An argument proposed by atheist philosopher Sobel. He outlines this argument as follows.
- P1. This is not the best possible world.
- P2. That the world is not the best possible world is incompatible with a perfect being.
- C. There does not exist a perfect being.
I would like to focus on Premise 2 of this argument because it is also an important part of standard formulations of the Problem of Evil.
Is a Perfect World a Coherent Concept?
Let’s start with a thought experiment. Imagine there is a perfect baker who can create any cake that is good and no cake that is bad. He has been tasked with creating cakes to commemorate several different events in a single day. The first event is a wedding, the second is a birthday, the third is a graduation and the fourth is a funeral.
If there were a single, perfect cake, then the baker could create a single cake that would perfectly satisfy all attendees. But is this conceivable? Isn’t part of what makes a cake valuable to the celebrants the uniqueness of the cake, the cake being specific and personalized. Does the existence of a cake that is not perfect for their occasion but perfect for another mean that the baker is imperfect (he did, after all, create an imperfect cake with respect to the preferences of 3/4 parties)?
It seems to me that the perfect baker would create cakes that are appropriate for each occasion. But we can take this even further…
Is the Perfection of which Sobel Speaks an Objective or Subjective Perfection?
Imagine again the perfect baker. Today he is tasked with merely creating a single cake for a wedding. Is it reasonable to think that the perfect baker can create a cake that satisfies to perfection the appetites of all of the attendees?
It seems that this request is reasonable iff the preferences of all attendees is compatible. I have a friend from college who simply cannot stand anything sweet. His existence would seem to undermine the perfect baker’s attempts time and time again.
Of course, the baker could make him a special, savory cake. But everyone else would perceive that cake as inferior, as imperfect, as he would consider the original sweet cake to be inferior and imperfect.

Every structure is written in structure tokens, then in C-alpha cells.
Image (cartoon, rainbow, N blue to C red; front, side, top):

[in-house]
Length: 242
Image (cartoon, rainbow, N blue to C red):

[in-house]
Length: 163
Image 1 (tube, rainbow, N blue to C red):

But this leads to an important consideration…
Why Would the Baker Limit Himself to Only Perfect Creations?
Extending the perfect baker analogy, imagine there are two weddings going on simultaneously. In one wedding, the preferences of all are aligned. The baker creates a perfect cake that satisfies all of the attendees. In attendance at the other wedding is my friend who does not like sweets. Should the perfect baker not create a cake or cakes for this wedding because doing so would require either that he create a single cake that does not satisfy all or multiple cakes that cause others to think the baker creates inferior cakes as well as perfect cakes? Why should the second wedding party not enjoy a cake because a handful of attendees have preferences not in line with the “perfect cake”.
It seems to me silly that a perfect baker would only create a single perfect cake. The baker would create all cakes that are, on the whole, good. From the scriptures, we know that creation was imperfect but good. Satan existed in the garden and God described his creation as Good, not “Best Possible” or “Perfect”.
Perhaps the atheist might say, “why doesn’t God create people with all the same preferences?”, thereby allowing him to create a single perfect World. Well, is uniformity perfection? From a moral perspective, it seems like uniformity would be morally neutral (no person would ever have conflict to overcome). In the same way that the person who dislikes sweets can show grace and understanding to the couple on their wedding day (and the couple show gratitude for his attendance despite no cake option) would be an exemplification of moral behavior and growth, a world of different preferences gives us opportunity to achieve real moral progress.
Upon deeper reflection, it seems to me that a perfect being would likely create all worlds that are, on the whole, good. We could imagine an array of possible worlds (some which approach perfection and others which are barely good). Why should God choose to not create the world that is mostly good? Why should the souls that find redemption in that mostly good world be refused at the chance of redemption… because some people will have a less than perfect existence?
Altogether, the position that the best possible world (and nothing else) is somehow required of a perfect creator seems to be wholly unsubstantiated and likely false.